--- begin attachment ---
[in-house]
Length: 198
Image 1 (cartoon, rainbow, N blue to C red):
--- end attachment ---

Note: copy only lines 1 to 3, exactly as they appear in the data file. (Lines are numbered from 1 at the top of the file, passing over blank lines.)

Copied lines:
[in-house]
Length: 198
Image 1 (cartoon, rainbow, N blue to C red):